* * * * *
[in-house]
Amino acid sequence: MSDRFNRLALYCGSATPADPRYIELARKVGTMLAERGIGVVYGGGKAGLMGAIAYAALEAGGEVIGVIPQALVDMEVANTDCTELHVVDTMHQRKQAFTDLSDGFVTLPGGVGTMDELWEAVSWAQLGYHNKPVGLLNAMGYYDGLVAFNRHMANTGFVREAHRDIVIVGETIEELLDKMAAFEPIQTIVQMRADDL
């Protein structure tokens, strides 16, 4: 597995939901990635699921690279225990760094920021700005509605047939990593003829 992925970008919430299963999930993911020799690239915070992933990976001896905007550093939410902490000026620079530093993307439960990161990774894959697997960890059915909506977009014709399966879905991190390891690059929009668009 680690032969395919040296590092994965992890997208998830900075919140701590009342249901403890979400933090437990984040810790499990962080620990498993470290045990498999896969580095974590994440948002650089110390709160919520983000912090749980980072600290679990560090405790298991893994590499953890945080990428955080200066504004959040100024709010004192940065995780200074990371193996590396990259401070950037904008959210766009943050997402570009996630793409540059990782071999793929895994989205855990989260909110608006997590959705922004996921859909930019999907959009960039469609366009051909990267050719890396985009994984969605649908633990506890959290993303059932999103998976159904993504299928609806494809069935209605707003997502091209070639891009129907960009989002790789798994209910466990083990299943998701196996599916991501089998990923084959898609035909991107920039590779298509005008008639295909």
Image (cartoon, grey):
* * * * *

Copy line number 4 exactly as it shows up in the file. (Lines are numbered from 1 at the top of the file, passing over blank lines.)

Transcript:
Image (cartoon, grey):